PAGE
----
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Labour Shortage Facing Alberta Oils Sands dicussed by Alberta Energy Minister Hughes

As oil sands production increases, getting the right people to spend months at a time in remote locations north of Edmonton is an ongoing challenge for companies. Minister Hughes pointed out this is not a new phenomenon, “Alberta has a long history of needing people and capital to come from outside to develop its resources,” he said. [Read more...]

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Alberta Energy Minister Hughes Discusses Options if Keystone XL not Approved

An industry source told AOL Energy last November the two greatest challenges companies operating in Alberta’s oil sands region face are access to markets and skilled labor. Alberta Energy Minister Ken Hughes elaborated on these and other issues during a recent phone call.

In a scenario where the Keystone XL Pipeline is not approved by the Obama Administration, Minister Hughes said companies have lots of different options and that rail has become “compelling.” [Read more...]

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Canada Considering Nuclear Reactors in Alberta Tar Sands Fields

Like them or hate them, Alberta, Canada’s tar sands deposits of bitumen or extremely heavy crude oil, are the world’s largest. The province’s resources include the Athabasca, Peace River and Cold Lake deposits in the McMurray Formation, which consist of a mixture of crude bitumen, a semi-solid form of crude oil, admixed with silica sand, clay minerals, and water.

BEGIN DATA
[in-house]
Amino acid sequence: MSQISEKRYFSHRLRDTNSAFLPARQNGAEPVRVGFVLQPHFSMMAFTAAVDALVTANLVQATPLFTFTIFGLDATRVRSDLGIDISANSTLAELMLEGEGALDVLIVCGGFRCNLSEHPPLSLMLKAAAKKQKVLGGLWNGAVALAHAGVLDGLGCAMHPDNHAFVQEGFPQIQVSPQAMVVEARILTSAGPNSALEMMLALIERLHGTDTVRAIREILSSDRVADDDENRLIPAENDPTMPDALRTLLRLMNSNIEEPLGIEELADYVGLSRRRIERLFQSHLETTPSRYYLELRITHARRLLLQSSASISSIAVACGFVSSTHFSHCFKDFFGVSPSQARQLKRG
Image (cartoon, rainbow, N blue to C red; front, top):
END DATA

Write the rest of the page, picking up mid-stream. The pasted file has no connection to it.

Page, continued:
According to the U.S. government’s Energy Information Administration, “Canada controls the third-largest amount of proven reserves in the world, after Saudi Arabia and Venezuela…  Canada’s proven oil reserve levels have been stagnant or slightly declining since 2003, when they increased by an order of magnitude after oil sands resources were deemed to be technically and economically recoverable. The oil sands now account for approximately 170 billion barrels, or 98 percent, of Canada’s oil reserves.”

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Lack of Pipeline Capacity results in large discounts on Alberta Oil Prices

OTTAWA — Canada risks stranding its resource bounty unless it adds new pipeline capacity to the West Coast, eastern provinces and the U.S., says Natural Resources Minister Joe Oliver, who believes the issue will be one of the biggest items on his plate in 2013.

But building new pipelines is anything but a sure bet. There’s strong opposition from citizens, some governments and environmental groups over transporting oilsands crude and other petroleum via pipelines such as the proposed Northern Gateway project to the B.C. coast and Keystone XL in the United States.

A glut of oil from multiple continental sources, including the Alberta oilsands, and inability to move it to market due to pipeline bottlenecks is resulting in large discounts for western Canadian crude compared to North American benchmark West Texas Intermediate and international Brent prices.

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